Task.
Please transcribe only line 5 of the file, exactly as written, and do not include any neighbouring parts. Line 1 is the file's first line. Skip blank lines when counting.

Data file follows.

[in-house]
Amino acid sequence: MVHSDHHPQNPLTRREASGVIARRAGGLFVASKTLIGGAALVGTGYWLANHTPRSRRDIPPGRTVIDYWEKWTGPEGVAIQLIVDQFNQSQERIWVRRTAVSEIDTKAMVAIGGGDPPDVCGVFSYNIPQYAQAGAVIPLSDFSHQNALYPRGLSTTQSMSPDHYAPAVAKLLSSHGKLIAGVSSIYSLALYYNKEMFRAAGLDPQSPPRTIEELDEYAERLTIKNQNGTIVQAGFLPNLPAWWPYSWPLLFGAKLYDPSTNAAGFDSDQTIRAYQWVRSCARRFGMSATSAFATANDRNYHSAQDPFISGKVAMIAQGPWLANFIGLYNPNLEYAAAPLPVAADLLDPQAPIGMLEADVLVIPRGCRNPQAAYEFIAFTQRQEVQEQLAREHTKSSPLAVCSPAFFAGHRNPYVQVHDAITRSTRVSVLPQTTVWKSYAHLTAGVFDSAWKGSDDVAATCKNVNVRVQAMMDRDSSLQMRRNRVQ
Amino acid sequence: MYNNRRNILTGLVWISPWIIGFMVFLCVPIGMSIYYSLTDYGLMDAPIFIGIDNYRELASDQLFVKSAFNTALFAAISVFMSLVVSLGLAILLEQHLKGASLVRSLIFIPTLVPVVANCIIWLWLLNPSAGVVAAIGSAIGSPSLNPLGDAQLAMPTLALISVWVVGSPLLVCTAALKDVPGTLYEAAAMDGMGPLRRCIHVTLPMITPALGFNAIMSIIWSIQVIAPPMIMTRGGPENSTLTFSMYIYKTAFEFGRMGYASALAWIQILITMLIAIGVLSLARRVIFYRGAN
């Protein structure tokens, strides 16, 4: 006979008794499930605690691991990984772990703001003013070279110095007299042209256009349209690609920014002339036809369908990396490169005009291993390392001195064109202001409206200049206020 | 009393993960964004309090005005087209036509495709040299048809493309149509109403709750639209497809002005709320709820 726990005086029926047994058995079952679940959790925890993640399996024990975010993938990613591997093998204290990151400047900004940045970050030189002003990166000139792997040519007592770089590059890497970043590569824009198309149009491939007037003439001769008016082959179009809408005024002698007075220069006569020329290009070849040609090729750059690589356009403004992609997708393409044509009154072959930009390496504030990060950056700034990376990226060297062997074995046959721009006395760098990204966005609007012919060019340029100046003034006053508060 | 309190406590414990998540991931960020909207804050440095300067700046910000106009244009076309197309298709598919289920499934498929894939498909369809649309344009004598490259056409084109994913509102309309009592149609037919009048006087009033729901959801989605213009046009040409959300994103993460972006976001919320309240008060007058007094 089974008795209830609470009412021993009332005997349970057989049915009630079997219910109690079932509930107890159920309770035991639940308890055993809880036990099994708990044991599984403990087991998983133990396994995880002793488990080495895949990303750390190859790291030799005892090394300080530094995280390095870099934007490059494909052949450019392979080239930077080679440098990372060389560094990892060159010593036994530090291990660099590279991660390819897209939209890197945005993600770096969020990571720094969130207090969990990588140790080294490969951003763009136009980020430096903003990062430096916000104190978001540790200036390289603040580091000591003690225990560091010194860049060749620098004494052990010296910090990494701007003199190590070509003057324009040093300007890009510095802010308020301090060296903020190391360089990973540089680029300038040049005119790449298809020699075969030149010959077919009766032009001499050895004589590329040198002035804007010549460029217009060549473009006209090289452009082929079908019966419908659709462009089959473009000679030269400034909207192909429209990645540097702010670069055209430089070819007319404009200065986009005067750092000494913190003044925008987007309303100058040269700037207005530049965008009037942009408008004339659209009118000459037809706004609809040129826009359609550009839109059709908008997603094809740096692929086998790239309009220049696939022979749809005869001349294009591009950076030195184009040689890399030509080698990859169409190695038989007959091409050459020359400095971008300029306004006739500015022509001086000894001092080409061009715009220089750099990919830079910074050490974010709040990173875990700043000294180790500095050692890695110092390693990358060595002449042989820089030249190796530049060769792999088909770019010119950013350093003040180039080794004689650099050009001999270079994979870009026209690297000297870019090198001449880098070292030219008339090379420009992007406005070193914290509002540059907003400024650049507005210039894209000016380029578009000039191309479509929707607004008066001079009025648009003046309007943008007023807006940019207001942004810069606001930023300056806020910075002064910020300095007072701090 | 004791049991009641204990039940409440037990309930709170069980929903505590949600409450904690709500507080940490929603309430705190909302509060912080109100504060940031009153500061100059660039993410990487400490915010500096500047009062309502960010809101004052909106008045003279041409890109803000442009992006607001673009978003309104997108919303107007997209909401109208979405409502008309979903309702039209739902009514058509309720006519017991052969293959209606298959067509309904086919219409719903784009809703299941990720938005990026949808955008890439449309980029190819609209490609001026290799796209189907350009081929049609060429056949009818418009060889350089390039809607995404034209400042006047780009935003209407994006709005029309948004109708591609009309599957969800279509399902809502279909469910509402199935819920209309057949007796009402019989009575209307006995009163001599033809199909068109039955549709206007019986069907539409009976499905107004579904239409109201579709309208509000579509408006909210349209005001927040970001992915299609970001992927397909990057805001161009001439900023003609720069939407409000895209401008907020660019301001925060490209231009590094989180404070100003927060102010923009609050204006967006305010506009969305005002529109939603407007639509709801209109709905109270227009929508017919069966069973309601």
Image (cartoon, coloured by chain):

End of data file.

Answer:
Image (cartoon, coloured by chain):